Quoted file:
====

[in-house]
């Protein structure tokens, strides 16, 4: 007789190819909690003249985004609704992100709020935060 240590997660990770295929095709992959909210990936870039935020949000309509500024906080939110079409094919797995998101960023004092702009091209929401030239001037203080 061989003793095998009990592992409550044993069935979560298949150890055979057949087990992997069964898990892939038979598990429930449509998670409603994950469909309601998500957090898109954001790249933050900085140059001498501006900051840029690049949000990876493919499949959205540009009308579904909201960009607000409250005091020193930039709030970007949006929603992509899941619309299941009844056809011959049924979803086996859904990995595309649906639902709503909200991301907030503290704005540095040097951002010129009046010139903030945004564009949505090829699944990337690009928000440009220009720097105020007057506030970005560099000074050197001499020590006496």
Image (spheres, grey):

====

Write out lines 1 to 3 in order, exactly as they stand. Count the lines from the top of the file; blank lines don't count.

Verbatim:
[in-house]
């Protein structure tokens, strides 16, 4: 007789190819909690003249985004609704992100709020935060 240590997660990770295929095709992959909210990936870039935020949000309509500024906080939110079409094919797995998101960023004092702009091209929401030239001037203080 061989003793095998009990592992409550044993069935979560298949150890055979057949087990992997069964898990892939038979598990429930449509998670409603994950469909309601998500957090898109954001790249933050900085140059001498501006900051840029690049949000990876493919499949959205540009009308579904909201960009607000409250005091020193930039709030970007949006929603992509899941619309299941009844056809011959049924979803086996859904990995595309649906639902709503909200991301907030503290704005540095040097951002010129009046010139903030945004564009949505090829699944990337690009928000440009220009720097105020007057506030970005560099000074050197001499020590006496």
Image (spheres, grey):